Serifs at a Stroke

Following the advice of Quentin Crisp and A.F. Stuart, I’m getting bolder; here’s another version of my heading after I’d spent an afternoon hand-lettering the captions for my article.

In Versal Letters, as Stuart & Crisp point out in Lettering for Brush & Pen, the serifs are drawn with a single stroke, which I think works well for a sketchbook heading.

I’ve read that serifs should appear to grow naturally from rest of the letter, rather than looking like something stuck on later but my tendency to draw them with the same care that I’d take in drawing the thorns on a rose or a hawthorn can make them look fussy.

I think the single-stroke serif works just fine.

Outline Lettering

In the first version, I filled in each letter as I went along; I think that I can build up a better rhythm if I stick to outlines only first.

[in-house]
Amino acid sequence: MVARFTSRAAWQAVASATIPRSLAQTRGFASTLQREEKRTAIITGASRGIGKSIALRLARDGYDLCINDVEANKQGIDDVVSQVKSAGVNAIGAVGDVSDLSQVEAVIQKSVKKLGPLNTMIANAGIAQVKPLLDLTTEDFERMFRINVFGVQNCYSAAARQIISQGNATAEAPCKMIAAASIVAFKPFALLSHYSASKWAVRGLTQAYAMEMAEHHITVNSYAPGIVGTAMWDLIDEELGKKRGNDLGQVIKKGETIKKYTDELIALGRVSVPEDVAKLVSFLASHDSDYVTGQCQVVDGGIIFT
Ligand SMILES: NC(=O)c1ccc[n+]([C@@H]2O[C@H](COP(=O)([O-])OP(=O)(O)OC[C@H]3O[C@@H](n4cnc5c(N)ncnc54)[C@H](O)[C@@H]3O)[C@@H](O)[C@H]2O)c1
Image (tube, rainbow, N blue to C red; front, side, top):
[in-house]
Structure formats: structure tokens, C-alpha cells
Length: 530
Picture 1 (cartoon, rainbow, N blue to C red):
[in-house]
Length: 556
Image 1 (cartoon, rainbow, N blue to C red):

I’m trying to get more of a rhythm going by drawing the outline of my lettering first, then going back to fill the gaps. I noticed when I took a close look at a Georgian print recently that hand-lettered headings don’t have to be drawn with pixel-perfect precision.

As A.F. Stuart and Quentin Crisp wrote in Lettering for Brush & Pen (Frederick Warne, 1939):

“The outlining should be done boldly, and not in a painstaking manner, a certain amount of irregularity being permissible owing to the individual effect of the style.”

They were talking about medieval Versal Letters, but the same thing applies to the sketchbook headings that I’m drawing for my July Dalesman article. Hopefully the more lettering that I do, the bolder I’ll get.